If we’re now going to start teaching them in school that not only do they have to overcome the various economic and social barriers within their community, but they also need to now start apologising for belonging to a wider group which strips away their individual agency, then we’re just going to compound many of these problems.

If you go into these communities and try to tell them that they’re suffering from white privilege — it seems to me a completely nonsensical response to this problem. They are way behind everybody else — they’re falling through the cracks.

He went on to state:

My fear now is with the onset of new terms — toxic masculinity, white privilege — this is even actually going to become more of a problem as we send yet another signal to these communities that they are the problem. That it is not the system more generally that has let them down, it is they are now the problem and they should make amends for simply being who they are. That would be a very dangerous turn of events.

Privilege is certainly a phenomenon and there are many different manifestations of it but when immutable characteristics are used to suggest that one is privilege – despite suffering and facing serious deprivation and lack of privilege themselves – that can be a hard term to hear.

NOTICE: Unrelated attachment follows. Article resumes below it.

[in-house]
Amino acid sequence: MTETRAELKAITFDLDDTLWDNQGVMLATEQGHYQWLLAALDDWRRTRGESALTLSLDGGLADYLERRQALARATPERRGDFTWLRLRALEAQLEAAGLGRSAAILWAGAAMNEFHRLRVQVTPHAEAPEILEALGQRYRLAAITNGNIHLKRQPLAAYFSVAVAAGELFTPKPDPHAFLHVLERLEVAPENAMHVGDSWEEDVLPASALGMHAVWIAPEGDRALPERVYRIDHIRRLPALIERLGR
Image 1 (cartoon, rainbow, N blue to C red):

Often, the response to this is that there is a history of white people trying to control the conversation and insisting that BAME people should speak differently. I think that is essentially true. However, this is not a matter of controlling the conversation. People are, indeed, free to use whatever terms they think best. But just as I cannot tell others what language to use (though I might point out why I think other language might be better), I equally can’t insist that when I am speaking those listening must hear me in a particular way. If we want to communicate ideas to people that are right, we have to think carefully about how we will be heard. We cannot simply insist that this is the language I choose to use (which is your prerogative) and you, therefore, must hear what I say in this particular way (which is not within your control).